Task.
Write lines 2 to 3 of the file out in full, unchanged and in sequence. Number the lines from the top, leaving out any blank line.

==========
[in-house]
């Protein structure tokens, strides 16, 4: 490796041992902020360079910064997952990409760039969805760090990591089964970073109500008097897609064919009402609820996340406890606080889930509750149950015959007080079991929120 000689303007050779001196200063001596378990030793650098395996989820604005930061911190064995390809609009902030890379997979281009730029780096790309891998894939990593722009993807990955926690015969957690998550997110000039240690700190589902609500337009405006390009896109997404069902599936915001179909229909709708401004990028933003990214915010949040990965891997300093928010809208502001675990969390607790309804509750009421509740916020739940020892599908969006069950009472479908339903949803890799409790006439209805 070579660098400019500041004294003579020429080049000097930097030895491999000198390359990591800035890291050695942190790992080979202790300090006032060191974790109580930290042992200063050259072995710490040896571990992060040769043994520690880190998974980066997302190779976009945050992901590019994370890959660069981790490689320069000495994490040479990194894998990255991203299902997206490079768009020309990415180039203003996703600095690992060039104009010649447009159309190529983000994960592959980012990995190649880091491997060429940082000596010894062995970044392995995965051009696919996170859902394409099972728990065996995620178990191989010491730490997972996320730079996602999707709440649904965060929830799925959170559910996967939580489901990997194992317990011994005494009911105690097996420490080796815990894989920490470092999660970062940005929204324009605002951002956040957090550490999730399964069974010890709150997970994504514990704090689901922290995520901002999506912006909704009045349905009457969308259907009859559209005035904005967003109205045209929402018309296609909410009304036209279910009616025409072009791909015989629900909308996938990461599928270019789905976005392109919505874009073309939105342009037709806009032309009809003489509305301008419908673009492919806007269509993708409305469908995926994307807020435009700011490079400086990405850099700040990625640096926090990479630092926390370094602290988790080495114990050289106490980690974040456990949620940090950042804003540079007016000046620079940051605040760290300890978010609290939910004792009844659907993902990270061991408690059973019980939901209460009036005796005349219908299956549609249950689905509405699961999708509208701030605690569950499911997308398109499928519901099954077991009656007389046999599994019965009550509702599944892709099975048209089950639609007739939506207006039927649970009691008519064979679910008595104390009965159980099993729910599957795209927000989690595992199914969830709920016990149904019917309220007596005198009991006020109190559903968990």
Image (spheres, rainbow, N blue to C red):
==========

């Protein structure tokens, strides 16, 4: 490796041992902020360079910064997952990409760039969805760090990591089964970073109500008097897609064919009402609820996340406890606080889930509750149950015959007080079991929120 000689303007050779001196200063001596378990030793650098395996989820604005930061911190064995390809609009902030890379997979281009730029780096790309891998894939990593722009993807990955926690015969957690998550997110000039240690700190589902609500337009405006390009896109997404069902599936915001179909229909709708401004990028933003990214915010949040990965891997300093928010809208502001675990969390607790309804509750009421509740916020739940020892599908969006069950009472479908339903949803890799409790006439209805 070579660098400019500041004294003579020429080049000097930097030895491999000198390359990591800035890291050695942190790992080979202790300090006032060191974790109580930290042992200063050259072995710490040896571990992060040769043994520690880190998974980066997302190779976009945050992901590019994370890959660069981790490689320069000495994490040479990194894998990255991203299902997206490079768009020309990415180039203003996703600095690992060039104009010649447009159309190529983000994960592959980012990995190649880091491997060429940082000596010894062995970044392995995965051009696919996170859902394409099972728990065996995620178990191989010491730490997972996320730079996602999707709440649904965060929830799925959170559910996967939580489901990997194992317990011994005494009911105690097996420490080796815990894989920490470092999660970062940005929204324009605002951002956040957090550490999730399964069974010890709150997970994504514990704090689901922290995520901002999506912006909704009045349905009457969308259907009859559209005035904005967003109205045209929402018309296609909410009304036209279910009616025409072009791909015989629900909308996938990461599928270019789905976005392109919505874009073309939105342009037709806009032309009809003489509305301008419908673009492919806007269509993708409305469908995926994307807020435009700011490079400086990405850099700040990625640096926090990479630092926390370094602290988790080495114990050289106490980690974040456990949620940090950042804003540079007016000046620079940051605040760290300890978010609290939910004792009844659907993902990270061991408690059973019980939901209460009036005796005349219908299956549609249950689905509405699961999708509208701030605690569950499911997308398109499928519901099954077991009656007389046999599994019965009550509702599944892709099975048209089950639609007739939506207006039927649970009691008519064979679910008595104390009965159980099993729910599957795209927000989690595992199914969830709920016990149904019917309220007596005198009991006020109190559903968990």
Image (spheres, rainbow, N blue to C red):